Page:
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262Re: [ona-prac] ONA for change management: locating opinion leaders

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  • Victoria G. Axelrod
    Jul 7, 2006
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      I think you might want to parse out "opinion leader".  Do you mean the "technical wizards", folks who really have a handle on the content or the "social mavens" who get the culture and know how things work aside from the org chart.
      Depending on the particular organizations longevity of employees you will have a different picture.  In traditional opinion survey work getting the demographics clear is the key to interpreting the data from these sorts of questions.  It only takes a few "old timers" to carry org DNA.
      If your org has been through many mergers, acquisitions, has a relatively new population, has many remote locations, there may be a different take on these questions. If you are asking about culture change - "how we do work" or "credible leaders" the result will be different from technical change  such as "compliance with new regulations", "new product releases."
      So I would opt for both more specific questions and one in each category, i.e. culture/social and technical so you can vector in on the significant individuals.  I would also opt for some face to face interviews where you can test out a question, have some secondary prompt questions so you can assess what gets the best results. 
      Victoria G. Axelrod
      Axelrod-Becker Consulting
      445 East 86th Street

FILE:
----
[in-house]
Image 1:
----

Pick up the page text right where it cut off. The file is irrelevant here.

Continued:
New York, NY 10028
      212 - 369 -2885
      21st Century Organization blog http://c21org.typepad.com/
      ----- Original Message -----
      Sent: Thursday, July 06, 2006 11:35 AM
      Subject: [ona-prac] ONA for change management: locating opinion leaders


      Has anyone developed good questions and techniques for locating the
      opinion leaders in a large organization? This might be precursor to an
      organizational network analysis; the primary goal at this point is to
      do a broad-brush survey of say, 3,000 people asking them to name the
      people they most rely on for understanding changes in the organization.

      Has anyone done this kind of survey, and with what results? What
      questions. I assume questions on the order of:

      **List the names of up to five people you go to when you want to make
      sense of changes in the organization.

      **List the names of those you trust in the organization to be frank in
      discussing organizational issues

      Any other ideas? Practical experience in administering a survey like
      this and managing the results, especially thoughts about the validity
      of the responses?



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